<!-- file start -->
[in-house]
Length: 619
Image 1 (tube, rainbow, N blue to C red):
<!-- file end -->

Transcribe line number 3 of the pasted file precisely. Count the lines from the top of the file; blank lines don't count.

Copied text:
Image 1 (tube, rainbow, N blue to C red):